Always and Never

One of the best things about teaching school are the many beginnings and endings, which provide opportunities to refine, adjust, and amend courses of action. Coming back after the holidays spurs reflections on past experiences and goal setting for the new year. This is the time we consider what is possible and renew our determination to make a difference in the lives of the students we teach.

Photo of Delaina Lewis, Math Teacher at Vistas High School, Klein ISD

Delaina Lewis, Math Teacher at Vistas High School, Klein ISD.

This summer the Holdsworth staff had the cohort engage in a simple yet profound activity called I will always and I will never. What made the activity so profound was the inherent strength of the words always and never. Neither of the words leave any room for interpretation. By definition, these two words demand commitment and reject compromise. As I began to draft my list, I realized that my statements had the power to create a sense of security and comfort in my classroom. I was making a promise about the actions I would take as a leader and the environment each student could expect as they entered my room.

As educators we strive to create a safe environment that promotes learning, questioning, risk-taking and problem solving. We work to build relationships so that we can understand strengths, weaknesses, and identify obstacles that could impede progress. But most importantly, we aim to inspire.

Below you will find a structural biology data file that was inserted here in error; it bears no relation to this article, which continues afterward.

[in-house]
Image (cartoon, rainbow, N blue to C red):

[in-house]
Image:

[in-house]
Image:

There is no greater joy than when former students reach out to thank us for the positive impact we have made on their lives. Never do they comment on the extraordinary lesson I taught on the Pythagorean theorem or the mind-blowing unit I developed over trigonometry. Instead, they always comment on my refusal to give up on them and my insistence that they put forth their best effort into all work. In other words, they confirm my always and never actions.

I encourage you to contemplate the following:

  • What are the actions you will ALWAYS do?
  • What are the actions you will NEVER do?
  • And, what would the impact be if your campus engaged in this activity collectively?


This article originally appeared on The Exchange (Klein ISD).